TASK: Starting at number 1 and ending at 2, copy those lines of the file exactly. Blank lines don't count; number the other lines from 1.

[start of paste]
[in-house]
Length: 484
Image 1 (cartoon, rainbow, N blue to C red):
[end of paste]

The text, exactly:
[in-house]
Length: 484